war crimes in Ukraine

The Tribunal for Putin (T4P) global initiative was set up in response to the all-out war launched by Russia against Ukraine in February 2022.

Chillingly Soviet: Imprisonment without a Crime in Crimea

Halya Coynash
Crimeans, mostly Crimean Tatars, under Russian occupation are effectively being imprisoned without any elements of a crime, in most cases without any sign of a trial, with the lack of international reaction making them as defenceless as the many Crimean Tatars and Ukrainian activists who have disappeared without trace since Russia’s annexation of Crimea.

   26 Feb 2014

Crimeans, mostly Crimean Tatars, under Russian occupation are effectively being imprisoned without any elements of a crime, in most cases without any sign of a trial, with the lack of international reaction making them as defenceless as the many Crimean Tatars and Ukrainian activists who have disappeared without trace since Russia’s annexation of Crimea.

A Crimean Tatar leader, Akhtem Chiygoz, and cameraman from a recently silenced Crimean Tatar TV channel, Eskander Nebiyev, are now both to be held in custody until at least late June despite the lack of any grounds for holding them in custody, or indeed for criminal prosecution at all.  Another Crimean Tatar – Mustafa Degirmindzhy - was arrested on Sunday. 

It is not that the international community has failed to notice.  All international structures and NGOs have reported grave violations of human rights in Crimea since Russia’s invasion.  The violations are by now legion, making the reports very long and the sense of powerlessness intense.  While the arrests on preposterous charges of Crimean film director Oleg Sentsov and civic activist Oleksandr Kolchenko have, like that of Nadiya Savchenko, received international attention, there is an ever-increasing number of prisoners whose ongoing detention remains largely unnoticed.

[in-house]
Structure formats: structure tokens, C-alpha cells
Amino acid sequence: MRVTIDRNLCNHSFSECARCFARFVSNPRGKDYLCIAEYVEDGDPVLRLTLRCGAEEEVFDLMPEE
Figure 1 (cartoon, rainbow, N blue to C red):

The measures taken by Natalya Poklonskaya, the Crimean prosecutor installed after Russia’s invasion and the Russian Investigative Committee have become noticeably more aggressive.  A year ago, the occupation regime used heavy-handed measures to prevent the peaceful attempt on May 3 to accompany veteran Crimean Tatar leader Mustafa Dzhemiliev into Crimea after Russia banned him from his homeland, but initially confined itself to only administrative penalties (mainly hefty fines). The first dubious criminal charges appeared 6 months later, and have resulted in Crimean Tatars being remanded in custody, as well as numerous armed searches and interrogations.  One person so far is now facing trial.  

Since then all pretence of adherence to fundamental principles of law has been abandoned.  Two criminal prosecutions are currently underway over alleged – and unprovable – events that took place before Russia occupied Crimea, and in one case, in Kyiv, not Crimea. 

The criminal case against Oleksandr Kostenko over alleged injury to a Berkut riot police officer in Kyiv on Feb 18, 2014 was initiated almost a year later, on Feb 6, the day after Kostenko was taken into custody.  The suspicion that a Maidan activist was first caught, and then charges concocted, is only exacerbated by the proceedings since and the fact that Kostenko remained in custody despite the alleged offences, even according to Russian legislation, not warranting detention.  A court in Simferopol on May 15 sentenced him to 4 years and 2 months (more details here

There are a number of reasons why the lack of international attention to the so-called ‘Feb 26 case’ is so disturbing.  These prosecutions are clearly targeting Crimean Tatars, with the main aim being Akhtem Chiygoz, Deputy Head of the Mejlis, or Crimean Tatar representative assembly.   They come in the wake of a mounted offensive against the Mejlis, which began with the bans on Mustafa Dzhemiliev and the Head of the Mejlis, Refat Chubarov and escalated in September 2014.  Chiygoz was first arrested on Jan 29, 2015, and his detention has just been extended for a further 2 months, until June 30. This was despite an application from Andrei Yurov, member of the Crimean Human Rights Monitoring Mission and of the Russian President’s own Human Rights Council.  Chiygoz has at least been returned to a normal cell after being forced to declare hunger strike last week in protest at being placed in a  solitary confinement punishment cell